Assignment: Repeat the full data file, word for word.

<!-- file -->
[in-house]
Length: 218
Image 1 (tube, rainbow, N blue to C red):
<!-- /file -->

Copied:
[in-house]
Length: 218
Image 1 (tube, rainbow, N blue to C red):